The numbers I've seen suggest that there may be over 65% of the pension obligations funded. If we assume those numbers to be fairly accurate, which may be a misguided assumption, that still leaves the overall shortage at over half a billion dollars. That is the good part. Which suggests how bad the "bad" part must be.
The number set aside for healthcare benefits is under 10%. Not a misprint. I didn't mean to type 70%. No, cities and towns in America have set aside under 10% to pay those healthcare concessions from contract negotiations held years before.
So what will they do? In the case of Detroit, they state that their healthcare benefits are unaffordable. No kidding? They were unaffordable when the deal was struck. The plan to solve that part of the problem is really fairly simple. I don't know if it will come together, but be assured that cities throughout America are watching closely. There are many more municipalities teetering on the edge for the same reasons Stockton and Detroit fell. And they are looking for a similar way to dump part of their massive debt.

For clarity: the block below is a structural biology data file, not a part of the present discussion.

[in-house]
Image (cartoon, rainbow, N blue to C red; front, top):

If we assume that the majority of Detroit retirees are living on pensions and social security, they could be forced into those new exchanges mandated by Obamacare. There they would receive government subsidies. The ones already over 65 could be sent to Medicare. Another federally subsidized program. You do realize "federally subsidized" means tax dollar funded.
Presto! City officials will be able to boast about taking care of their people. A large portion of that debt was shifted off their books. Of course if it was shifted off their debt load, it had to go on to the bill of someone else. And you've already figured out whose ledger it landed squarely upon. That would be the United States taxpayers. A bailout?
If this works in Detroit, it will be the preferred method of operation in many other cities. Maybe not as direct as a bank bailout, but in the end, it is more drain on the income circle of all Americans. I guess it does affect us all!
Other than the back room dealings and sheer arrogance of many of the congress members in Washington D.C., this tax payer ripoff at the state and city level sets the standard for abuse of public money and of outright fraud.
Another example of stealing tax payer money has gone on in Illinois for years. In an article from the Chicago Sun-Times, you'll read an amazing story of that state's taxpayers being systematically ripped off by government employees as they enter the final years of their tax-funded "work."